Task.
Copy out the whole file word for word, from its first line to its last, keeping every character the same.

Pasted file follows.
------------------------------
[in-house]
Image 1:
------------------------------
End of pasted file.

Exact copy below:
[in-house]
Image 1: